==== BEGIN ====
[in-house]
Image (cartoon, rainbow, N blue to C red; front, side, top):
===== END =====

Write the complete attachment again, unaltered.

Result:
[in-house]
Image (cartoon, rainbow, N blue to C red; front, side, top):